Committed meat sacrilege today! I am particularly averse to boneless mutton, I never cook with it. Mutton in our kitchen is mostly curried, I make chops very often and I sometimes buy a tiny little rib rack to pot roast and finish in the oven. However, if I had regular and affordable access to lamb (the real thing) then things would be different, I wouldn’t miss beef this much and I would cook pork as much, anyhow that’s one issue that’s not going to solve itself, so till today it had been years since I bought boneless mutton. I grew up eating a lot of Indian Muslim cuisine, mutton curries were cooked in their own fat, no cooking mediums were used. Yoghurt attributed a lot to the creamy texture of the curry and those are memories that influence a lot of my cooking now. Bones were essential for a rich gravy and of course, the tender, fall off the bone meat! But I had found this awesome Kerala beef fry recipe that I wanted to try with mutton so I prepped the whole deconstructed makeup of this dish and made it with mutton.
The only thing with me is that I like to cut the meat myself, so if you have a butcher you can talk to and explain things to, then by all means do! I tend to get frustrated so I asked for a chunk of boneless mutton and then I was on my own. Andy was nice enough to stand and get the prawns deveined because he knew I already had too much to do for this evening (I made his all time favourite prawn and okra curry). So when I started Andy’s pre b’day dinner, the first thing I did was the mutton slivers. For me the trick is to cut with the grain, you know, the way the lines of flesh are going, cut at the same angle, thin pieces, as equal as possible. I cut them ½ “ in length and little less than ½ “ thin. They seemed really small but it worked out.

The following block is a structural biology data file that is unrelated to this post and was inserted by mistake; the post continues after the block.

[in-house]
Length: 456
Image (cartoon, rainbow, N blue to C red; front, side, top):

½ kg boneless mutton, cut into strips
3 tbsp whipped yoghurt
1 tsp turmeric powder
1 tsp Deggi Mirch or Cayenne pepper if you have any
1 tsp salt
½ tsp garlic paste
1 large or 2 small onions thinly sliced
6-8 garlic cloves smashed
1” ginger piece smashed
1 tsp pepper powder
1 tsp sugar
1 tsp chilli powder (depending on how hot you want this, you can chilli flakes of paprika)
10-15 curry leaves
Juice of 1 lemon or 1 tbsp tamarind paste
5 tbsp oil (keep one tbsp separate)
Marinate the mutton for around an hour or more if you can, keep it in the fridge and keep it covered. I usually mix the marinade with the meat by hand and kind of work it all in a bit. Heat 4 tbsp of the oil, fry the onions, garlic and ginger, till the onions turn light brown. Add the meat and the balance 1 tsbp oil and fry for 4-5 minutes on high, add the masala’s, the curry leaves, the lemon juice and salt. Fry on low fire for 3-4 minutes, once all the moisture is released, you will get a curry of sort, turn up the heat and fry on high to dry it off, let the meat lightly char, take of the heat and toss up and serve with Malabar parantha, Lemon Rice, Tamarind Rice or Rasam and rice.
We all love the flavour of curry leaves, so I add it quite late in the whole process, if you like it like you taste it in the sambhar tempering, then add it with the onions.